Monday, 22 April 2013


This article appears in today's Leicester Mercury:

Knights, cameras, action as the city salutes St George
by Tom Mack
Hundreds of people gathered in the sunshine to enjoy this year's St George's Festival.
Morris dancers, stilt walkers and youngsters dressed as knights and princesses were among the sights in the city's Cultural Quarter on Saturday afternoon.
There were also performances by young dancers, a chance to learn circus skills and live musical entertainment at the area's pubs.
CBeebies favourite Mike the Knight also made an appearance.
Claire Smith, 31, of Braunstone Town, was there with her two children, aged four and one.
She said: "We came down here for Mike the Knight because my children both love him.
"We've had a really nice time and it's beautiful weather."
Gareth Harper and Hannah Winn, who live in Braunstone Town, were also making the most of the weather.
Gareth, 30, said: "It's great. We came to see the parade of knights and princesses and we've also seen the morris dancing and I had a springbok and kangaroo burger from the market, which sounds like it might be hard to keep down!"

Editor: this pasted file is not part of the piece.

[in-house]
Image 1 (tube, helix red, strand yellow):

Hannah, 26, said: "I'm looking forward to seeing Mike the Knight because I always watch it with my five-year-old son."
Sisters Georgia and Ellie Bradbury, of Aylestone, were among the performers in Orton Square, dancing with fellow members of the Studio 79 street dance group.
Georgia, 13, said: "I was nervous but we've been rehearsing a lot in the last two weeks and it went all right."
Ellie, 10, said: "It's nice to see all the little children dressed up as knights and princesses."
The annual performance by Leicester Morris Men marked the beginning of their year of 60th anniversary celebrations. Dick Allsop, of Knighton, who danced with the group, said: "It seems the crowd is getting bigger and the weather is getting better each year."
Susan Shirley, 51, of Aylestone, was among the spectators.
"We're having a great time," she said. "I love the Morris dancing. It's a great tradition."
City mayor Sir Peter Soulsby was also enjoying the show.
He said: "There's a great mix of things going on. In the past, there have been one or two years when the crowd hasn't been very big. Of course, the weather helps a lot."
During the afternoon the nearby Phoenix cinema hosted live music from 12 young singer-songwriters and there were folk music sessions at the LCB Depot.
The Cultural Quarter festival ended with a ceilidh hosted by Leicester's Red Fox Band.
Elsewhere in the city centre on Saturday, the traditional battle between St George and Dragon was put on by the market's stallholders at 11am and 1pm.

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